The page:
Most Americans Think Trump’s Position On Flag Burning Goes Too Far
Americans think flag burning should be illegal, but few agree with President-elect Donald Trump’s suggestions of stripping citizenship from those who do so, a new HuffPost/YouGov survey finds.
In a tweet Tuesday, Trump suggested that people who burn the flag should risk “consequences,” possibly including the loss of citizenship.
Burning a flag is legal, protected speech in the U.S. Although some lawmakers have called for a constitutional amendment to criminalize the practice, Trump’s suggested punishments stand out as exceptionally draconian.
“To me it is deeply troubling that the person who is going to become the most powerful government official in the United States doesn’t understand the first thing about the First Amendment — which is you can’t punish people for expressing dissent — and also doesn’t seem to understand that citizenship is a constitutional right that cannot be taken away, period, under any circumstances,” David D. Cole, a Georgetown University law professor, told The New York Times.
Although a majority of Americans recognize that flag burning is currently legal, according to the HuffPost/YouGov results, just 16 percent think that flag burning is an appropriate way to protest. By an 11-point margin, 48 percent to 37 percent, they favor passing a constitutional amendment that would make it illegal to burn the American flag.
But by a 6-point margin, 44 percent to 38 percent, those polled say that they’d oppose punishing people who burn the American flag by sentencing them to a year in jail.
And a broad majority of Americans dislike the idea of stripping U.S. citizenship from those who burn the flag. Just 24 percent favor such an idea, while 58 percent oppose it.
Even people who voted for Trump, who largely favor criminalizing flag burning and introducing jail sentences, say by an 18-point margin that burning a flag shouldn’t put someone’s citizenship at risk.
The subject of burning flags hasn’t come up much in recent years, so there’s not a lot of current polling on the issue. As The Washington Post notes, past surveys have varied somewhat ― a 2011 State of the First Amendment survey found most Americans opposed a constitutional amendment to ban flag burning, while 2006 surveys from Gallup/USA Today and from CNN both found majority support for such an amendment.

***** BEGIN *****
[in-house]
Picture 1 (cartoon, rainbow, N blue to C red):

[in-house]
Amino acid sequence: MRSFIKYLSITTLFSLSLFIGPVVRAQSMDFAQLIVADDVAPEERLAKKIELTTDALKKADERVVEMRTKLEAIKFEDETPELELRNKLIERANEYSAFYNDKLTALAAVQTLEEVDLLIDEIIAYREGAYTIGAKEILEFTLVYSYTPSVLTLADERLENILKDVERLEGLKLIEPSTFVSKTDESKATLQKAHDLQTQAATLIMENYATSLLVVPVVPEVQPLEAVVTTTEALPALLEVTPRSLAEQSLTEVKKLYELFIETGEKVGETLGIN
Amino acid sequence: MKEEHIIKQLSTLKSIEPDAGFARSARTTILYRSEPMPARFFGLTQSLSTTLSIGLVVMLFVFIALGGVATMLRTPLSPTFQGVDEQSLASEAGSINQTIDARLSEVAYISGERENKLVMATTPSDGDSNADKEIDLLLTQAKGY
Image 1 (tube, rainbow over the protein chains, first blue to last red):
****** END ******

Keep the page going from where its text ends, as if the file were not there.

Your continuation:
Those past polls, however, didn’t ask about how violators of any new laws should be punished. The latest results suggest that, while Americans are uncomfortable with the idea of burning the flag, they’re also unwilling to endorse severe measures against those who do so.
The HuffPost/YouGov poll consisted of 1,000 completed interviews conducted Nov. 30-Dec. 1 among U.S. adults, using a sample selected from YouGov’s opt-in online panel to match the demographics and other characteristics of the adult U.S. population.
The Huffington Post has teamed up with YouGov to conduct daily opinion polls.You can learn more about this project and take part in YouGov’s nationally representative opinion polling. Data from all HuffPost/YouGov polls can be found here. More details on the polls’ methodology are available here.
Most surveys report a margin of error that represents some, but not all, potential survey errors. YouGov’s reports include a model-based margin of error, which rests on a specific set of statistical assumptions about the selected sample, rather than the standard methodology for random probability sampling. If these assumptions are wrong, the model-based margin of error may also be inaccurate. Click here for a more detailed explanation of the model-based margin of error.
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